• four fundamental principles: law-like order of the natural world, power of human reason, natural rights of individuals (self-government), and improvement of society through progress.
    • 2. John Locke – English philosopher; wrote Essay Concerning Human Understanding (1690), stressing the importance of environment and experience on human beliefs and behavior
    • Two Treatises on Government (1690) argued that political authority did not come from divine right but from social compacts with the people who have the power to change their government.


3. Franklin’s Contributions – Born in Boston in 1706, Franklin was the exemplar of the American Enlightenment

    • 3. Franklin’s Contributions – Born in Boston in 1706, Franklin was the exemplar of the American Enlightenment
    • shaped by Enlightenment literature and not the Bible. Franklin became a “deist” and believed that a Supreme Being (or Grand Architect) created the world and then allowed it to operate by natural laws but did not intervene in people’s lives
    • relied on “natural reason,” or the innate moral sense to define right and wrong.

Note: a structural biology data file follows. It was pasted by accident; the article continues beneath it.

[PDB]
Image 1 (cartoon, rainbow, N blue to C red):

C. American Pietism and the Great Awakening

  • C. American Pietism and the Great Awakening

    • 1. Pietism – evangelical Christian movement = personal relationship with God
    • appealed to “believers hearts rather than their minds.”
    • 2. New England Revivalism– 1730s, Jonathan Edwards preached the helplessness of men and women
    • “Sinners in the Hands of an Angry God” (1741), successfully incited religious fervor in the region.
    • 3. Whitefield’s Great Awakening – Spoke from memory about the power of God and the need to seek salvation; followers were called “New Lights” for their claim that they felt a new light in them after hearing Whitefield